For example, if you have a two-hour period to work during nap time, use that to write all of your reports for the week. Then you can handle photo editing or another task after the kids go to bed so you’re only focused on one thing during each work period.
Create Specific Work Boundaries
On the other end of the spectrum, it can also be easy for parents to get distracted by work opportunities during times when they should be hanging with the family. To avoid this, choose specific times or occasions where work is strictly off limits. For example, Horkey says she has a rule about finishing work before dinner time. This allows her to sit with the family and enjoy some quality time. Then she can always pick it back up after bed time.
She says, “As a self-employed individual with a virtual business that serves customers worldwide, it’s hard not to work all of the time – the work is certainly there! But as we all know, it can severely cut into precious family time. And those little people grow up pretty fast!”
Turn Off Phone Notifications
One of the biggest roadblocks that entrepreneurs face today when attempting to separate work and home life is constant connection. Your phone can notify you right away when you get an email or a text from a colleague, even after-hours. If you want to spend quality time with your kids and save the work for actual work hours, turn those notifications off or put your phone on Do Not Disturb mode during dinner or family events.
Have Someone Around to Help
Every family has a different caregiver situation. In Horkey’s family, her husband stays home and takes care of the kids while she works from home. Of course, this doesn’t eliminate distractions completely, but it is important to have someone else around to provide care for young kids if you’re supposed to be working. This is especially important for those who are employees of outside businesses or those who charge hourly rates to clients — it’s not exactly fair to be charging someone for time when you’re also juggling your kids and not getting the optimal amount of work done.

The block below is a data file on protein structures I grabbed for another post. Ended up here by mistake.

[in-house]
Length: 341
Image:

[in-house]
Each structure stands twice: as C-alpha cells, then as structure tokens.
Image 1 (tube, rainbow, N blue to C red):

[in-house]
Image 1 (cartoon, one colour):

If you don’t have a partner who is able to provide care during the day, then investing in day care or a nanny may be an option. You could also ask family or friends for help on occasion, or even trade child care with a friend or neighbor.
Set Up Playdates With Other Parents
In fact, you can carve out some extra work hours by connecting with other parents in your area to set up playdates. If they can watch your kid during working hours on occasion, that gives you some extra time to get things done without distractions. And you could pay them back later when they want to go out on a date night or something.
Horkey says, “This way one mom has a few hours per week to get some focused work done and the other has friends for their child to play with, disrupting their daily routine in the best way.”
Communicate Clearly with Your Kids
As your kids get older, you can also rely on them to keep your working boundaries secure. Sit them down and explain to them what you expect. If you need to work during certain hours, tell them they’re not to come into your office during that time unless it’s an emergency. If they need to keep noise levels down during conference calls, have them quietly work on homework during those times. Explain to them why it’s important for you to have that time to work so they understand.